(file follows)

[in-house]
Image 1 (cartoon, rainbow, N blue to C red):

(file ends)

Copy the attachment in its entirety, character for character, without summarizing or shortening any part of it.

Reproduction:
[in-house]
Image 1 (cartoon, rainbow, N blue to C red):